In the Neuron article, Dr. Nader and his colleague from New York University extended this work to the part of the memory system that contributes to mediating conscious or declarative memories, called the hippocampus. They conditioned rats to fear the environment in which they were (i.e. a small box) by inducing a light electric shock on their paws.
This paradigm engaged the hippocampus to process information about the context that can be used to predict shock. The hippocampal contributions to this paradigm are thought to engage similar processes as declarative memories in humans. "According to the cellular theory of memory, new memories require new protein synthesis to be stored," explains Dr Nader.
"The hippocampus also has a second level of consolidation called systems consolidation theory. This posits that the hippocampus has a time-limited role in memory storage, after which the memory is independent of the hippocampus. This is why amnesiacs such as H.M. (the patient of neuropsychologist Brenda Milner) who have damage to their hippocampus can remember events that happened a few years ago but can't remember recent events."
Before testing cellular reconsolidation in the hippocampus, professors Nader and Ledoux showed that intra-hippocampal infusions of the protein synthesis inhibitor anisomycin caused amnesia for a consolidated hippocampal-dependant contextual fear memory, but only if the memory was reactivated prior to infusion. "This demonstrated that memories stored in the hippocampus can undergo cellular reconsolidation or restorage," said Dr. Nader. "Surprisingly, the effect occurred even if reactivation was delayed for 45 days after training, a time when declarative memory is independent of the hippocampus. In fact, we found that if you lesion the hippocampus 45 days after conditioning, there is no effect. Therefore the memory of the context has to be independent of the hippocampus. However, if the memory is now reactivated immediately prior to lesions, there is a large effect. Thus, mature old memories stored in our cortex return to being dependent on the hippocampus after they are reactivated, an instance of systems reconsolidation."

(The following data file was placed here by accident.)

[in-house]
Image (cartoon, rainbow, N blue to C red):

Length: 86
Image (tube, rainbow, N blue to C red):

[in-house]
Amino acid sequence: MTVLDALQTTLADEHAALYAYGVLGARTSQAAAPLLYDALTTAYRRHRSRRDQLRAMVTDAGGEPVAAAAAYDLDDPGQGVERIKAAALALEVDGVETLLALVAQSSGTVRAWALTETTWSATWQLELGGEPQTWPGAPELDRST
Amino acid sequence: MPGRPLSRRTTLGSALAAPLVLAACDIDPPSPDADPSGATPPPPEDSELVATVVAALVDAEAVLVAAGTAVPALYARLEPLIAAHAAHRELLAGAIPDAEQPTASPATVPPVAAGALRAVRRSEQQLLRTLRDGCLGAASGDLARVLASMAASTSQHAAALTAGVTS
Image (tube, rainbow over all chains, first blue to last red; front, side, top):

Consider the implications if this can be made to work for humans. Traumatic memories could be erased. Is that good or bad? It seems a scary prospect. But also memories of crime could be erased and a perpetrator could claim in all honesty to have no memory of having committed a particular act. Even more nefarious uses of such a technique could be imagined. A criminal or a government could force someone to recall a memory that they don't want a person to have and then erase it.
|Share |||Randall Parker, 2003 January 04 02:08 PM Brain Memory|